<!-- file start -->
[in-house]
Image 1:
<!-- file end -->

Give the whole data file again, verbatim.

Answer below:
[in-house]
Image 1: